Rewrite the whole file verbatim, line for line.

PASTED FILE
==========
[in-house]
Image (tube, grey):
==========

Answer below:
[in-house]
Image (tube, grey):